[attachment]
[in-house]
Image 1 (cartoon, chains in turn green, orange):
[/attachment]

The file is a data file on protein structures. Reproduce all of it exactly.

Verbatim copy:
[in-house]
Image 1 (cartoon, chains in turn green, orange):